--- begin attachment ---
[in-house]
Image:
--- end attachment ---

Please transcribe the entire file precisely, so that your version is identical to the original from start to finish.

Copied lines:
[in-house]
Image: